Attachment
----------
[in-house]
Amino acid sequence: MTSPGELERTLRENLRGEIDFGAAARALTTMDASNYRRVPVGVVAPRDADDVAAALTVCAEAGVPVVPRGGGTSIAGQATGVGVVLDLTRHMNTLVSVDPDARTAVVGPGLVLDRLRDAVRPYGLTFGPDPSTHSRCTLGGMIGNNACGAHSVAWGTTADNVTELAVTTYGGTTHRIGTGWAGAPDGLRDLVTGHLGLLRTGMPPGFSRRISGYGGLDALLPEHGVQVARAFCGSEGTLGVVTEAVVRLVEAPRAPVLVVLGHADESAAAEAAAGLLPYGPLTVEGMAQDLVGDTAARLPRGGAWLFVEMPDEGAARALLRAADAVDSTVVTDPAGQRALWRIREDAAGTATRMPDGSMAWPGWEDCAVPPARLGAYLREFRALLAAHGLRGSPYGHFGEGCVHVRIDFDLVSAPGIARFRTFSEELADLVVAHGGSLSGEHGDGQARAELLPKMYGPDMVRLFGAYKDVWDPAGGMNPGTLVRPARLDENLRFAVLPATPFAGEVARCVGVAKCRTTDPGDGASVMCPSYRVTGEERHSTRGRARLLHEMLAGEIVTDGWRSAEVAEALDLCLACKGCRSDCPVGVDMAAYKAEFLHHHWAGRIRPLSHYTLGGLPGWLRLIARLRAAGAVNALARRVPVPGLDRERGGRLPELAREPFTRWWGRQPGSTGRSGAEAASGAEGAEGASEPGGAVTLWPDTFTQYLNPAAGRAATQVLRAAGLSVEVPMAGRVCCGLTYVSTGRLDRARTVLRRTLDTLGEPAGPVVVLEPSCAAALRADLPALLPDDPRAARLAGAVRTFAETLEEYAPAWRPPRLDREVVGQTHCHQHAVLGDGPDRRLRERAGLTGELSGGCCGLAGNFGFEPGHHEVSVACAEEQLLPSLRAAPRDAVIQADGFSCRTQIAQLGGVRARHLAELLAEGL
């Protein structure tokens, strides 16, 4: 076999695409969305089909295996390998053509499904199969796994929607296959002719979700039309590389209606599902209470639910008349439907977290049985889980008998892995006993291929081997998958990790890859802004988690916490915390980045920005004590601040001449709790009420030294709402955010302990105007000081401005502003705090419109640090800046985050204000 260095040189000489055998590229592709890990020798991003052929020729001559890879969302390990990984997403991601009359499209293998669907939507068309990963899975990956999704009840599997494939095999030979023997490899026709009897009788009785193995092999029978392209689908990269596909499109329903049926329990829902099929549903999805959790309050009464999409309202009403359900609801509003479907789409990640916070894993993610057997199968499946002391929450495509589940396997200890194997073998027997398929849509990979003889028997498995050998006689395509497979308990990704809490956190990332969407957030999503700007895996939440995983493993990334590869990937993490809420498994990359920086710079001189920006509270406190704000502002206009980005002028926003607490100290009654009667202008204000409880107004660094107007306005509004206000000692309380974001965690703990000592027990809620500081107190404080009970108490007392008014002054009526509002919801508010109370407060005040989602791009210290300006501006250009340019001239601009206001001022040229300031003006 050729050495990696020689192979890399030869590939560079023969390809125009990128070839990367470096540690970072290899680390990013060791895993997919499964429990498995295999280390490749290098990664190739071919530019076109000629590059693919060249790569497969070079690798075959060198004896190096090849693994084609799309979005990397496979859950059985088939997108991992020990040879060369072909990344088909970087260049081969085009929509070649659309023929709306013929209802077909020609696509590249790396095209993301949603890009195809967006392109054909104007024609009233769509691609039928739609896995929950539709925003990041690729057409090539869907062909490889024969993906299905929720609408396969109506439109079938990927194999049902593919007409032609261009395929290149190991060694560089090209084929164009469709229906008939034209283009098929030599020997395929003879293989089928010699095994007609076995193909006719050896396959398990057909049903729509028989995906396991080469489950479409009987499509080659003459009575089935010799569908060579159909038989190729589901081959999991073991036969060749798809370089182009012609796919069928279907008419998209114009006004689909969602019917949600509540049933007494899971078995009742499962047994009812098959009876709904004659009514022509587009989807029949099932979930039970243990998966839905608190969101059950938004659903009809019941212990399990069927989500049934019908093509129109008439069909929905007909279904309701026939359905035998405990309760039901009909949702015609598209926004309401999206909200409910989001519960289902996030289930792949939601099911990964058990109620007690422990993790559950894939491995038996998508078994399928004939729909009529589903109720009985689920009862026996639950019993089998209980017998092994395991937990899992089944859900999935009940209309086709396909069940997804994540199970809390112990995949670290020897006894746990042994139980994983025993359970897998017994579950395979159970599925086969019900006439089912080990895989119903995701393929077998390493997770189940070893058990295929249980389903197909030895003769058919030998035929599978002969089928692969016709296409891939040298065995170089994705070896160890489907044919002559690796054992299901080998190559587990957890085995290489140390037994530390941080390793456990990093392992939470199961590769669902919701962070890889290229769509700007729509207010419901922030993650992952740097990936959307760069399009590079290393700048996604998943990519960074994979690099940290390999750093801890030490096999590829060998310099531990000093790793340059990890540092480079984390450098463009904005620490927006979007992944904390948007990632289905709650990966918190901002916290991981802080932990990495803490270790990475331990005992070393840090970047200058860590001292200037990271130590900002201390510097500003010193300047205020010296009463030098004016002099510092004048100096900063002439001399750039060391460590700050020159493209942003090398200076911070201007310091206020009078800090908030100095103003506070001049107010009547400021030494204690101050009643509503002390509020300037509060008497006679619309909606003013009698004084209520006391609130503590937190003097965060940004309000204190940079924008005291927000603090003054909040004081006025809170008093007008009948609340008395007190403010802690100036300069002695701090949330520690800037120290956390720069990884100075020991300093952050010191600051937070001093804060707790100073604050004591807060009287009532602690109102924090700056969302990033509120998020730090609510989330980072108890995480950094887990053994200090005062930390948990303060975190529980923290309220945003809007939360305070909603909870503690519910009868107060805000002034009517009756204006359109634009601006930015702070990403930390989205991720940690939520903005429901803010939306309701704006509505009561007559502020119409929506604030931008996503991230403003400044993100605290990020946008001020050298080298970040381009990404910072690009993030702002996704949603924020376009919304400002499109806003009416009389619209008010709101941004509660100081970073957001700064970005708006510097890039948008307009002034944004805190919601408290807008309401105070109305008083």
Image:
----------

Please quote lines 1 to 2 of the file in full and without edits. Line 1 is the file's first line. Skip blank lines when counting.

[in-house]
Amino acid sequence: MTSPGELERTLRENLRGEIDFGAAARALTTMDASNYRRVPVGVVAPRDADDVAAALTVCAEAGVPVVPRGGGTSIAGQATGVGVVLDLTRHMNTLVSVDPDARTAVVGPGLVLDRLRDAVRPYGLTFGPDPSTHSRCTLGGMIGNNACGAHSVAWGTTADNVTELAVTTYGGTTHRIGTGWAGAPDGLRDLVTGHLGLLRTGMPPGFSRRISGYGGLDALLPEHGVQVARAFCGSEGTLGVVTEAVVRLVEAPRAPVLVVLGHADESAAAEAAAGLLPYGPLTVEGMAQDLVGDTAARLPRGGAWLFVEMPDEGAARALLRAADAVDSTVVTDPAGQRALWRIREDAAGTATRMPDGSMAWPGWEDCAVPPARLGAYLREFRALLAAHGLRGSPYGHFGEGCVHVRIDFDLVSAPGIARFRTFSEELADLVVAHGGSLSGEHGDGQARAELLPKMYGPDMVRLFGAYKDVWDPAGGMNPGTLVRPARLDENLRFAVLPATPFAGEVARCVGVAKCRTTDPGDGASVMCPSYRVTGEERHSTRGRARLLHEMLAGEIVTDGWRSAEVAEALDLCLACKGCRSDCPVGVDMAAYKAEFLHHHWAGRIRPLSHYTLGGLPGWLRLIARLRAAGAVNALARRVPVPGLDRERGGRLPELAREPFTRWWGRQPGSTGRSGAEAASGAEGAEGASEPGGAVTLWPDTFTQYLNPAAGRAATQVLRAAGLSVEVPMAGRVCCGLTYVSTGRLDRARTVLRRTLDTLGEPAGPVVVLEPSCAAALRADLPALLPDDPRAARLAGAVRTFAETLEEYAPAWRPPRLDREVVGQTHCHQHAVLGDGPDRRLRERAGLTGELSGGCCGLAGNFGFEPGHHEVSVACAEEQLLPSLRAAPRDAVIQADGFSCRTQIAQLGGVRARHLAELLAEGL